The aim of the study was to assess the reasons for dental appointments and the types of dental services among pregnant women, considering socio-demographic factors, such as the place of residence and the type of medical facility.
Material and methods
This was an anonymous, electronic survey including women whose pregnancy was terminated within 5 years before the date of completing the questionnaire. The study was conducted in April and May 2017. The questionnaire included questions regarding age at pregnancy termination and at questionnaire completion, the place of residence (large/small urban or rural region), level of education, family financial situation, professional activity, the course of pregnancy and delivery (comorbidities, date and type of delivery), child’s birth weight, the use of dental care in pregnancy, reasons for dental appointments, as well as preventive and therapeutic procedures performed. Incorrect or incomplete questionnaires were excluded from the analysis. The questionnaire regarding the period of pregnancy was approved by the Bioethics Committee of the Medical University of Warsaw (approval no. KB/93/2015 dated May 5, 2015).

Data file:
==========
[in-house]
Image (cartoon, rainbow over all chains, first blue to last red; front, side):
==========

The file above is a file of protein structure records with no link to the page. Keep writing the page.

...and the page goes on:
The obtained data were analysed statistically with the chi-square test and a correlation analysis using the Spearman rank correlation coefficient. Statistica 12 (Statsoft) was used in the analysis and a p ≤ 0.05 was accepted as statistically significant.